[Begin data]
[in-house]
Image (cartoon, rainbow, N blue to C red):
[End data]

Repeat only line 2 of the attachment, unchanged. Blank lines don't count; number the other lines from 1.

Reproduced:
Image (cartoon, rainbow, N blue to C red):